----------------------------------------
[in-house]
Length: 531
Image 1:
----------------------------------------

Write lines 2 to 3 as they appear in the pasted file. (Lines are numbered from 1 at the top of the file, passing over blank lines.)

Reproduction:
Length: 531
Image 1: